This is my personal blog. The views expressed here do not necessarily represent those of the congregations I serve.

Monday, December 1, 2014

Advent 2014: Receptivity.


            In the season of Advent, we are waiting for God to come into the world in Jesus Christ.  Of course, we are not pretending that God isn’t already here.  There is a strong sense of remembering in this activity of waiting.  We are at the same time remembering one amazing, miraculous, past event, and anticipating an event that is always to come.  God’s Presence in Jesus is always already here, and always coming.  Advent is when we spiritually focus on our experience of God as coming into our world.
            This is not a nonsensical contradiction.  It is not totally outside of our experience for something to be here and not yet here at the same time.  It is not a matter of God being more or less present; it is about our consciousness and receptivity.  Some things are here, but because we are not conscious of them, they are not here “to us.”  When they do appear to us we use the language of coming as if they were absent.  But it was really we who were the absent ones.
            Here’s an example: Invisible forms of light, like radio waves, have always been present in the earth’s atmosphere.  But humans have only been conscious of them for about 120 years.  It might be said that that is when radio waves "came" into our experience.  Or: when we wrack our brains to remember a name or a fact, we might say, “It’s coming, I almost have it!”  But in reality it is already there, somewhere filed in our synapses, waiting for us to connect to it and bring it into consciousness.
            There is a sense in which God’s Presence in Jesus Christ did not technically come into the world from somewhere else; maybe it is something revealed and disclosed by God, something we discovered, which had been there all along.  What Jesus came into was our consciousness, our experience, and our history.  What was required for this to happen was our achieving a level of receptivity.
            How much of the spiritual life is about receptivity?  God does not often hit us over the head from out of the blue with something we were utterly unprepared for.  That does happen, of course.  But it is not God’s primary MO.  Most spiritual practices are intended to enhance and hone our receptivity.  Spirituality is a matter of become awake to the truth, aware of reality, and conscious of God’s Presence.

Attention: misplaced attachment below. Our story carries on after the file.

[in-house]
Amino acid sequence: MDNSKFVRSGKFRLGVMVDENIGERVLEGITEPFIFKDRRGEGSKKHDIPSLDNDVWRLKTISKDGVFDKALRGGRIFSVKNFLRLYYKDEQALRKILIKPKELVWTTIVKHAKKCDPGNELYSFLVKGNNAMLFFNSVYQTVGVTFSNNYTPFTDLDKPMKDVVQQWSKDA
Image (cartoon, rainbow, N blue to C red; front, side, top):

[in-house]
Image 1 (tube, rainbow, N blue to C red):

That’s why the season of Advent lifts up and moves between two characters.  First we have John the Baptizer.  He represents the whole trajectory and continuity of God’s activity with humanity through the Israelite/Jewish people.  His whole attitude hearkens back to Elijah and Moses, who met God in the wilderness and brought God’s liberation to the people.  He represents all the prophets who encountered God and delivered God’s Word.  They prepared the people and kneaded them into a form in which they could receive something they were largely unaware of.
            The second Advent character is Mary.  She exemplifies this receptivity, and becomes the focus of it.  The whole Jewish tradition is concentrated in her, a teenaged girl who says “Yes!” to God even at great personal risk.  She is a model of the underclass status of Israel from the beginning as nomads, then as escaped slaves, and then as repeatedly conquered nation.  And it is her magnificent hymn in Luke 1 that proclaims what God is doing in the world, and what God is about to reveal to the world in and through her. 
            In these two characters we find that the necessary receptivity involves both a remembering and a welcoming.  We remember the words of the prophets and the story of Israel.  Their history is about God preparing them to be the medium of this final revelation: Emmanuel, “God-is-with-us”.  And when those words become activated in the visitation of the angel Gabriel to Mary, and the Word actually becomes flesh, we have to welcome him with her words of trust in God: “Let it be with me just as you have said.”
            This is the most dangerous news imaginable to a world dominated by ego-centric self-serving human principalities and powers.  I think this is why our season of Advent has been so thoroughly corrupted and drowned out by the hysterical blaring of exactly the opposite message.  For the full-court press to buy things we get in December has nothing in common with the spiritual practices of remembering and welcoming God.  What have Black Friday and Cyber Monday to do with Bethlehem?  Nada.  Zip.  Squat.
            The real “war on Christmas” is the onslaught of commercial consumerism, the blizzard of tempting, shiny objects that suck up our time and energy, distracting us from the truth we are called upon to remember and welcome in this season.
            That truth is that God is always here in the very heartbeat and breath of creation itself.  God’s love is the stuff of which the whole universe is made.  And God is always calling us back to lives reflecting and expressing the justice, peace, love, joy, hope, and wholeness we see revealed in Jesus Christ.  This season, let’s invest our time and energy practices of receptivity, as we seek to be more open to God’s Presence, that God may come into our lives more fully. 
            On the one hand, we remember with John the truth of God’s love for the world, disclosed in God’s mighty acts of liberation and healing.  And on the other hand we welcome with Mary God’s love into the world in Jesus Christ.  For in him God’s very life is poured out for the life of the whole world, and by his Spirit we live now as witnesses to the truth, which is the infinite love, compassion, mercy, and goodness of the living God.
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